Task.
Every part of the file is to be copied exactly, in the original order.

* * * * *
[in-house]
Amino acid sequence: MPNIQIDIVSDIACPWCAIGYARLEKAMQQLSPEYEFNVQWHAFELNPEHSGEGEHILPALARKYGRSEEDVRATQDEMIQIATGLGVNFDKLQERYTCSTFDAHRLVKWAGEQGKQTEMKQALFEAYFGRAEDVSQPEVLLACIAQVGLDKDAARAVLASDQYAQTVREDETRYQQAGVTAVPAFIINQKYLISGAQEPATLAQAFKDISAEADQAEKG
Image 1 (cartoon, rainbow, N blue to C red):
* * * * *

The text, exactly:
[in-house]
Amino acid sequence: MPNIQIDIVSDIACPWCAIGYARLEKAMQQLSPEYEFNVQWHAFELNPEHSGEGEHILPALARKYGRSEEDVRATQDEMIQIATGLGVNFDKLQERYTCSTFDAHRLVKWAGEQGKQTEMKQALFEAYFGRAEDVSQPEVLLACIAQVGLDKDAARAVLASDQYAQTVREDETRYQQAGVTAVPAFIINQKYLISGAQEPATLAQAFKDISAEADQAEKG
Image 1 (cartoon, rainbow, N blue to C red):